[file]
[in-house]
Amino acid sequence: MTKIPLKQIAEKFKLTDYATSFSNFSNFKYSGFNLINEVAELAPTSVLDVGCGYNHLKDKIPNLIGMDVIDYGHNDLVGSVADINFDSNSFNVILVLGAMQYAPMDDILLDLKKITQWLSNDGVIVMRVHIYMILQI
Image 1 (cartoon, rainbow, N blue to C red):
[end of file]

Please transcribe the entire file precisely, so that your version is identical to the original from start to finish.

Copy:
[in-house]
Amino acid sequence: MTKIPLKQIAEKFKLTDYATSFSNFSNFKYSGFNLINEVAELAPTSVLDVGCGYNHLKDKIPNLIGMDVIDYGHNDLVGSVADINFDSNSFNVILVLGAMQYAPMDDILLDLKKITQWLSNDGVIVMRVHIYMILQI
Image 1 (cartoon, rainbow, N blue to C red):